I don’t agree with all of these, but there are some great pearls of wisdom in this nicely-put-together video:Read More
Ever since I heard this, I can’t get it out of my head. Incredibly catchy, but more than that, it’s incredibly clever, using the never-ending stream of blocks as a metaphor for the Russian worker class and even the Berlin wall. It covers the whole history of the Soviet Union and Russia, from the Russian revolution through Lenin, Stalin, WWII, 80s westernization, the fall of communism and the recent drift back towards communism.
What are you waiting for? Watch it!
You can learn more about the artists at http://www.pigfaceboy.co.uk/
The BBC has just done something revolutionary… they’ve released all the source footage for an as yet unscreened documentary about the way technology is changing our lives, and are inviting the public to compete and edit/mashup the footage into something unique. Above is an inspiring example of what’s possible, by Barry Pilling. Here’s another by Cassetteboy.
The idea of allowing your work to be edited and improved by others was first encouraged by the Creative Commons. If you don’t already, make sure any photos you share on Flickr are released under Creative Commons, so others can do great things with them (without profiting or taking credit).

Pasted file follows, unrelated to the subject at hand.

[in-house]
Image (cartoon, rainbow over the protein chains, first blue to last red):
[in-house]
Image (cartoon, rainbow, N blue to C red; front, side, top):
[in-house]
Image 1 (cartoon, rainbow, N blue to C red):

Another film in this vein that’s well worth a look is RIP: A Remix Manifesto, the story of Girl Talk’s rise to fame as a musician who plays no instrument but uses samples of others’ music. It too is freely editable and mash-up-able. There’s also a growing craze for “fake trailers”, the most famous being Shining. It’s so much easier these days now that people have a publishing house, editing studio and photo lab on their desktops.
Here is another example of how open information, spread via the Internet, protected for all by Creative Commons licence, can lead to some very cool and unexpected things…
Check the MakeZine page for the project for more details.